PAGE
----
Board of Ailing Meuhedet HMO to Dismiss New CEO

Prof. Asher Elhayani is abruptly dismissed after evidently appointing top HMO administrators without the board's consent, among other reasons.

The board of directors of Meuhedet health maintenance organization abruptly announced Tuesday night its intention to dismiss the CEO Prof. Asher Elhayani less than two years into his appointment. Elhayani had been appointed to put the HMO’s house in order after a stinging report by the state comptroller in November 2010 listed a number of serious longstanding defects in Meuhedet’s operations, and even recommended initiating criminal investigations against senior HMO officials for six scandals.

Members of the board, which is headed by Rabbi Yerachmiel Boyer and includes Elhayani, hurled accusations against Elhayani during its meeting on Tuesday until at one point he was asked to leave the room. More charges, including some of a personal nature, were made in his absence, after which he was called back in and told a hearing would take place next Tuesday with the intention of ending his tenure. Health Ministry director general Prof. Roni Gamzu, on being informed of the decision, asked for more information to examine the legality of the move.

One of the charges against Elhayani involved the apparent appointment of senior HMO administrators without the board’s consent. Elhayani had asked for, and received, authority to fill senior management posts at his own discretion, but this was only in effect until June 2012 and it was claimed that he continued to make appointments without the board’s approval even after the privilege had ended.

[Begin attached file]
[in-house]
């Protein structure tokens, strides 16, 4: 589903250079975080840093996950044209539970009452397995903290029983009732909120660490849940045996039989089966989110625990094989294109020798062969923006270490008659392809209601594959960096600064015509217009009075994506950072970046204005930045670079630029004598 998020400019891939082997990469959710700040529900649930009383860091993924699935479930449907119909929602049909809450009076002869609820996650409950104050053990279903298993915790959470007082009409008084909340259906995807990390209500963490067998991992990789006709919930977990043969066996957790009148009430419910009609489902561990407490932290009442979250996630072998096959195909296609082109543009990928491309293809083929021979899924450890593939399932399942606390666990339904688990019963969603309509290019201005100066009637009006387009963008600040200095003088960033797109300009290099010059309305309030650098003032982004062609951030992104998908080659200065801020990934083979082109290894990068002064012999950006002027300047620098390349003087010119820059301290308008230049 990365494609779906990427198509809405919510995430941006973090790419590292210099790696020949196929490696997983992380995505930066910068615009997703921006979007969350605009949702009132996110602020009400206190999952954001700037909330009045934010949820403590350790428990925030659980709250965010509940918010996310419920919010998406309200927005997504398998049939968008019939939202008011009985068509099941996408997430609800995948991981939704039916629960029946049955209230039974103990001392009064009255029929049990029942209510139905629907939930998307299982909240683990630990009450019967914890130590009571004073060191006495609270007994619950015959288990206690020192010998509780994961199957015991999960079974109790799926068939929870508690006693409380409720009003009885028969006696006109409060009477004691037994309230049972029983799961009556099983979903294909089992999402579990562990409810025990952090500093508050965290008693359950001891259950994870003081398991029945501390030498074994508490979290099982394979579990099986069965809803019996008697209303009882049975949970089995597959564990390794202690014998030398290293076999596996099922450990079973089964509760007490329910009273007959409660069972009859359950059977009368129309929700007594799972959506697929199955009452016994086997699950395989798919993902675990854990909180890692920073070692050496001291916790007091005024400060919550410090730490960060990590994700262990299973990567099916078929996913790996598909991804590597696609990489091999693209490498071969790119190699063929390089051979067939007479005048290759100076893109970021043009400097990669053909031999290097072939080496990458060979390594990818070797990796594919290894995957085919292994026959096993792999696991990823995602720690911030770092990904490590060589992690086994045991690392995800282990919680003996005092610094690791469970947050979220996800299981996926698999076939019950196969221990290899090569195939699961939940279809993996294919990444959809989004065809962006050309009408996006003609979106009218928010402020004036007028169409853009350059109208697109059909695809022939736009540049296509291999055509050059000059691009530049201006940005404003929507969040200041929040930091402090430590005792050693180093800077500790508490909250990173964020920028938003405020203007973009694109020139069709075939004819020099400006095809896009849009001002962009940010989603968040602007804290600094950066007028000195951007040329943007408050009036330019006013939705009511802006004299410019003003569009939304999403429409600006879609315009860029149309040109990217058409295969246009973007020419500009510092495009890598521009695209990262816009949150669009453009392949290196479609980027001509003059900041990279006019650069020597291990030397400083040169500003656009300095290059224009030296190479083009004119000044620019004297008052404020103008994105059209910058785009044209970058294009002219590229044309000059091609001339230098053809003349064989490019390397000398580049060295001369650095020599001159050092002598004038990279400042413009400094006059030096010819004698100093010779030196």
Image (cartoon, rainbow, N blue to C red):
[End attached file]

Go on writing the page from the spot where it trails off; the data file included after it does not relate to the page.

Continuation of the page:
Elhayani was also said to have conducted negotiations with the Finance Ministry for funding needed to plug Meuhedet’s deficit, but without the board’s knowledge. In December Meuhedet was reported to have ended the 2011 fiscal year with the largest deficit of any HMO, a whopping NIS 277 million, equivalent to 7% of its revenues for the year.

The personal claims made against Elhayani included the summoning of a dentist and assistant last month outside normal working hours to attend to a relative of his, exchanging his company car three times, and appointing several people from his hometown Lehavim to fill key positions.

“We’ve been burned by the comptroller’s report for scandals like these and we wanted to save the HMO from suffering an additional scandal due to irresponsible behavior,” said one board member.

The decision to summon Elhayani to the hearing was signed by eight of the 10 directors.

Elhayani presented a different version of events, hinting that elements in the HMO adversely affected by changes he’s attempting to institute are trying to railroad him. Through the Gideon Fisher & Co. law office representing him, Elhayani stated: “The directors’ meeting that took place puts the mark of Cain on the same board that failed and carries on its shoulders the destruction and failure pointed out by the state comptroller. The board’s decision, whose wording itself isn’t legal, reflects its unreasonable and illegal conduct in recent years was also brought up in the comptroller’s report.” The office of State Comptroller Joseph Shapira yesterday said it received several anonymous complaints about Elhayani’s conduct, the vast majority of which had already been investigated and found to be baseless.

Tamar Matsafi